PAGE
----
While I do office stuff

Discussion in 'Irrigation' started by FIMCO-MEISTER, Aug 13, 2008.

  1. Trying to troubleshoot a TORO hydraulic system. N. O. and have a supply line leak. So I shut down the valves with my hose do-dad and now have the supply line under pressure hoping to find the leak after I finish paper stuff.

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  2. DanaMac

    DanaMac LawnSite Fanatic
    Posts: 13,156

    I'd like to take a class sometime to learn about hydro systems. It's all greek to me.
     
  3. Wet_Boots

    Wet_Boots LawnSite Fanatic
    Posts: 47,342

    I'm surprised they can last as long as they do, given the troubles that a rodent could cause them.
     
  4. We don't have tunneling rodents here so not a problem. They do last a long time. Some still have the original valves from 30 years ago. If I was managing a golf course that was prone to lightning I'd want my system to be hydraulic.. If you think having all red wire for zones is a headache if cut. Try putting 20 hydraulic tubes back together with one being the supply.:dizzy:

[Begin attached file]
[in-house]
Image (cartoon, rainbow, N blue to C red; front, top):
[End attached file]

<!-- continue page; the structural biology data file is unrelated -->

5. EagleLandscape

    EagleLandscape LawnSite Platinum Member
    Male, from Garland, Texas
    Posts: 4,347

    peter, looks like fun:)
     
  6. CAPT Stream Rotar

    CAPT Stream Rotar LawnSite Fanatic
    Posts: 5,908

    godspeed peter!

    I'd love to learn more about those.
     
  7. irritation

    irritation LawnSite Gold Member
    Posts: 3,221

    Toro does have a "hose do-dad" - hose end to hydraulic tubing connection. But your's is much bigger.
     
  8. I just did a hydraulic to electric conversion last week on a Toro system at a ball field with Toro 640s ....Added a new ESP MC 16 and a 12 zone Toro converter... Easy conversion and the system is a normally open hydraulic type...
     
  9. Waterit

    Waterit LawnSite Silver Member
    Posts: 2,906

    He's from Texas, of COURSE it's bigger:rolleyes:
     
  10. Without A Drought

    Without A Drought LawnSite Senior Member
    Posts: 999

    god bless ya. out of about 2,000 systems, we have maybe 5 that are still hydraulic, and they're on life support. if they go down, i turn the system off, give them an estimate to change to electric, and i'm on my way. up here it's rather difficult to get the parts to service those systems. thankfully, they're almost always manifolded right at the foundation and relatively easy (not inexpensive) to convert.
     

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